Constitutional Reform Bill [Lords] — [3rd Allotted Day] — New Clause 9 — Disqualification from holding further ministerial office — 1 Mar 2005 at 17:30
Dominic Grieve MP, Beaconsfield voted in the minority (Aye).
I beg to move, That the clause be read a Second time.
It is necessary to return to some of the basic issues surrounding the Bill to understand why we tabled the new clause. The old structure of the Lord Chancellor provided, as we have debated peripherally this afternoon, that he was a judge first and foremost. He was a judge with a hybrid role, because as well as sitting as the head of the judiciary and a Law Lord, and being Speaker of the House of Lords, he was a Minister.
Question put, That the clause be read a Second time:-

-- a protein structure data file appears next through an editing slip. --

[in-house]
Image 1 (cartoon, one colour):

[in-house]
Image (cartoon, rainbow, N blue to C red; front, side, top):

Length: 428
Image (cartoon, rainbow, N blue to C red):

This clause prevents the Lord Chancellor (head of the judiciary) from taking ministerial office. The Lord Chancellor is clearly in a position of great importance. This clause is designed to prevent him from being influenced by political pressure or pressure from constituants. Those voting Aye in this division agreed that the Lord Chancellor should not also be a Minister.
The Committee divided: Ayes 167, Noes 283.
Votes by party, red entries are votes against the majority for that party.
What is Tell? '+1 tell' means that in addition one member of that party was a teller for that division lobby.
What are Boths? An MP can vote both aye and no in the same division. The boths page explains this.
What is Turnout? This is measured against the total membership of the party at the time of the vote.
|Party||Majority (No)||Minority (Aye)||Both||Turnout|
|Con||0||125 (+2 tell)||0||78.9%|
|Lab||278 (+2 tell)||0||0||68.6%|
|Mr Simon Thomas||Ceredigion||PC (front bench)||no|